Throughout his decades-long political career, former US vice president Joe Biden was never really seen as presidential material. Now he is set to occupy the highest office in the land.
Similarly, in Turkey another former number two often described as bookish and mousy is challenging the country’s leader, hoping to take a Biden-like path to the top.
“The biggest danger facing Europe and the world today is not the coronavirus, but the virus of authoritarian culture spread by illiterate and populist leaders,” Ahmet Davutoglu said last week, referring to Turkish President Recep Tayyip Erdogan and the novel coronavirus that has killed an estimated 1.25 million people worldwide.
Foreign minister under Mr Erdogan from 2009 to 2014 and prime minister from 2014 to 2016, Mr Davutoglu chose a good time to speak out. A poll by Avrasya, a Turkish pollster, released the same day he made the above comments showed support for Mr Erdogan and his ruling Justice and Development Party (AKP), which has never lost a national vote in its 19-year history, at an all-time low.
Some 32 per cent of those polled would vote AKP, while just over 28 per cent said they would vote for the main opposition Republican People’s Party (CHP). More troubling for Mr Erdogan, the survey found support for the AKP’s alliance with the far-right Nationalist Movement Party (MHP) to be just 0.5 per cent above that of the CHP’s alliance with the nationalist Good Party, at 32.7 to 32.2 per cent, respectively.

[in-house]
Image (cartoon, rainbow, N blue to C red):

In June 2018 the AKP-MHP alliance won a convenient 53 per cent of the vote, gaining a 44-seat majority in parliament. Since then, the depreciation of the lira, high unemployment and inflation and recurring economic crises, topped off by the pandemic, have eroded the strength of the ruling party.
Mr Erdogan and Mr Davutoglu are thought to have fallen out in 2016 over Turkey’s new presidential system, leading to the latter’s resignation. Rumours swirled even then about the former prime minister leaving the ruling party to launch his own. In a lengthy Facebook post in April 2019, days after the AKP performed poorly in local elections, Davutoglu lambasted Erdogan and the party for corruption, nepotism and polarising rhetoric. Eight months later, he launched the Future Party, which focused on equal rights, religious freedom and free-market economics.
Turkey’s next election is scheduled for November 2023 but Mr Davutoglu has already begun laying the foundations of his electoral strategy while calling for an early vote. He met CHP leader Kemal Kilicdaroglu last month, signalling a potential alliance that would dovetail well with the main opposition’s new “governing with friends” slogan.
Mr Davutoglu is undoubtedly aware that he needs a partnership in order to wield any real political influence, as he and his party rank far down the totem pole of challengers to Mr Erdogan and AKP dominance. First on the list would be the CHP’s rising star, Istanbul Mayor Ekrem Imamoglu. He beat the AKP twice last year, has frequently challenged Mr Erdogan publicly and courts international support through an English-language Twitter account and numerous visits to Western capitals, including London last year. Next up would be the Mayor of Ankara, Mansur Yavas – another popular CHP figure.
Most observers would agree that the third and fourth leading challengers are Selahattin Demirtas, the imprisoned former leader of the pro-Kurdish People’s Democratic Party (HDP), and the CHP’s Muharram Ince. Both have run for the presidency against Mr Erdogan in the past and generated momentum.